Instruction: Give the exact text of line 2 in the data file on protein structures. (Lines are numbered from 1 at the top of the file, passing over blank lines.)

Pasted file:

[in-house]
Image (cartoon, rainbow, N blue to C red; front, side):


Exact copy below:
Image (cartoon, rainbow, N blue to C red; front, side):